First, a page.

View the document5.3. Advanced training
View the document5.4. Training material and institutions
View the document5.5. Certification
View the document6. Relation to other health-related services
close this folderAnnexes
close this folderAnnex I. Examples of first-aid legislation
View the document1. New Zealand
View the document2. United Kingdom
View the document3. Federal Republic of Germany
View the documentAnnex II. Be ready for emergencies1
View the documentAnnex III. Rescue equipment: An example
close this folderAnnex IV. First-aid boxes
View the document1. Belgium
View the document2. India
View the document3. New Zealand
View the document4. United Kingdom
View the documentAnnex V. Antidotes: Some useful examples
View the documentOccupational Safety and Health Series
View the documentBack cover

4.3.2. Type and number of first-aid personnel required

The type and number of first-aid personnel required in an enterprise are determined by the variables previously discussed. Among them the type of work and the associated risks, and the size and configuration of the enterprise are the most important. The type of first-aid personnel relates to the specific tasks which may be performed and, accordingly, to the level of training, and depends primarily on the risks at work. The number of first-aid personnel required is mainly dependent on the size and configuration of the enterprise, but the potential risk at work and some other factors will also be determinants.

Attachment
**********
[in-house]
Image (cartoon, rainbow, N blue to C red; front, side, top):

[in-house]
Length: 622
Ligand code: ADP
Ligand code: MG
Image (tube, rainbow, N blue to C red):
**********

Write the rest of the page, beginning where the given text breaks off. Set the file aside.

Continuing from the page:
National regulations for first aid vary in respect of both the type and number of first-aid personnel required. In some countries the emphasis is on the number of persons employed in the workplace. In other countries, the overriding criteria are the potential risks at work. In yet others, both of these factors are taken into account. In countries where occupational safety and health is more advanced and the frequency of accidents is generally lower, more attention is usually given to the type of first-aid personnel. In countries where first aid is not regulated, emphasis is normally placed on numbers of first-aid personnel. The following four examples are indicative of the differences in approach used in determining the type and number of first-aid personnel in different countries:

The United Kingdom5

- If the work involves relatively low hazards only, no first-aid personnel are required unless there are 150 or more workers present at work; in this case a ratio of one first-aider per 150 workers is considered adequate. Even if fewer than 150 workers are at work, the employer should nevertheless designate an “appointed person” at all times when workers are present.